Tonight’s match in Gdansk is not just a European Championships quarter-final. For the past three years, Greece has been financially crippled and been subjected to severe austerity measures, seemingly at Germany’s mercy. Upon learning that the New Democracy party had won Sunday’s general election, the German Finance Minister, Wolfgang Schaeuble, responded that “fiscal discipline is necessary” in a stone-cold, almost stereotypical, fashion.
‘Slaves versus Pay-Masters’ is how this match is generally perceived as across Europe and the world. The Greeks have not let the magnitude of the occasion affect their sense of humour as Live newspaper commented, “The referee should give Merkel a fright and toss a drachma coin at the beginning of the match.”
Economically, Greeks see little, to no light at the end of the tunnel. Things are beyond bleak and a proud nation, rich in its history, is made to feel inferior through German politicians who constantly insult them and dictate how they should live. This match therefore represents a somewhat unique opportunity of payback. The Greek players have already expressed how motivated they are for this match. Tonight’s performance is for the people – Patritha! Tension is likely to be high, both on and off the pitch.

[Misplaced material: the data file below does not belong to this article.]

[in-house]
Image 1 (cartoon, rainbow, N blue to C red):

Germany go into this game as heavy favourites. They have, after all, won 14 on the spin. They had a 100% record during their qualifying campaign, opening the scoring in every game. Previous winners of three European Championships and three World Cups, they are without a major since 1996 and many neutrals feel that Euro 2012 is Germany’s time.
In contrast Greece, in the finals of major tournaments, have generally finished bottom of their group, apart from the legendary year of 2004 when against all odds, they famously beat the hosts twice (Portugal), defending champions (France) and favourites (Czech Republic) in winning Euro 2004. Hellas have already surpassed expectations by upsetting a much-fancied Russian side in reaching the last eight. With many expecting nothing but a heavy German victory, there will never be a more appropriate time for the Greeks to stand up and be counted – in a sporting arena. Victory tonight would be even more significant than the tournament win eight years ago.
The lasting Greek / Adidas legacy from 2004 was that impossible is nothing.
Categories: Euro 2012